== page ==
a 6" cast acrylic disk mounted on
a short piece of 3/4" PVC tube.
A large number of 1/4" holes were
drilled in the disk to handle the
water flowing up from the bottom
of the reactor. Above the disk,
I added a 3/4" PVC coupling. When
assembled, the open end of the coupling
receives the central tube carrying
the incoming water to the bottom
of the reactor. Below the disk,
I drilled a number of 3/8" holes
in the short piece of tubing to
function as an exit for the incoming
water. I made sure to drill an
equal number of holes all the
way around the tube to alleviate
any chance of dead spots, in the
flow, as the water travels up
through the pellets.
I then placed a flexible plastic
mesh over the top over the bottom
grate. It has very small openings
and keeps the media from falling
through the 1/4" holes in the grate.
You can get the plastic mesh
circles at JoAnn's or Michael's.
The material is called plastic
canvas and is actually available
wherever sewing supplies are
sold. The number 7 mesh seems to
be the only mesh size available.
It seems to be about the optimal
size for bio-pellets, at least
EcoBak pellets I have (from
Warner Marine). The material is very easy to cut to any desired shape.
I got the idea from a thread on
the Reef Chemistry forum on Reef
Central. For those addicted to
shopping on-line, here's a link to a source
on the web:
The upper grate ensures that
media cannot exit the top of the
reactor with the outflowing water.
It is made up of a perforated acrylic
disk, just like the bottom grate,
but the 3/4" PVC coupling is on
the bottom of the disk, not the
top. The couplings - one on the
top of the bottom disk and one on
the bottom of the upper disk - serve
to connect the two disks with the
central tubing and allow the whole
assembly to be taken apart for cleaning,
The short length of tube extending
from the top, fits into the coupling
on the bottom of the top flange.
There is a small o-ring around the
tube which serves as a seal to stop
the incoming water from leaking
into the upper portion of the reactor.
Here is the internal assembly.
It consists of the upper and
lower grates and the connecting
3/4" PVC tube. As described
earlier, the tubing is not glued
in place. It merely slip fits
into the couplings so that the
whole thing can be disassembled
if need be. The plastic canvas
is hanging down on one side
because I hadn't yet fastened it
to the grate. For that I use
very thin nylon fishing line:
The only parts left to show, other than
the main reactor body is the 1/4"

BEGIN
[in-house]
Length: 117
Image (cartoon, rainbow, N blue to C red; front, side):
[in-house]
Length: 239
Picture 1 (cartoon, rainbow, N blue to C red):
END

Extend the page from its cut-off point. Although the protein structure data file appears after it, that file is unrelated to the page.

silicone o-ring and the eight 1/4"-20
thumb screws. I used to use 1/8" o-rings but, recently, I experienced
some trouble with leaking reactors.
Since I changed to 1/4" I've had
no further troubles. I make the
o-rings out of stock I get at
McMaster-Carr. I cut it to the
required length and then glue
the ends together with clear
silicone to make the ring.
A 1/4" wide and 1/8" deep
circular groove is routed in the
lower flange for the o-ring to
fit in to. I do this using a
Jasper circle cutting jig. I
describe the jig in the page on
making keyhole flanges.
At this point, I should probably note that
some feel that Sched-80 PVC
fittings should be used on this
type of equipment, instead of
the much cheaper Sched-40
fittings. I can only say that I
have always used the less
expensive material and have
never had a problem of any kind.
And... the completed reactor
When you put it all together
this is what the reactor looks like.
It has a footprint of 8-1/2" and
stands 28-3/4" tall. It
doesn't look especially large in
the pic, but remember that those
hose barbs at the top of the
reactor are 3/4":
In order to keep all the bio-pellets
in this reactor fluidized, I'll
have to utilize a strong pump. I
have an extra Eheim 1262, so I
try that for a while - or, I
just may buy a Mag 9.5 (a 900gph
pump, just like the Eheim). The
are quite reasonably priced and
I'd be able to use the Eheim
somewhere where its extreme
08/09/2010 - Here's a short video showing
the reactor in action. The
reactor contains 2 liters of
Warner Marine EcoBak pellets and
is being run using a Mag 9.5
pump throttled back to approx.
I'll be writing
up a page about my adventure with
bio-pellets - I'll report on
how the pump, reactor and the
pellets themselves, worked out.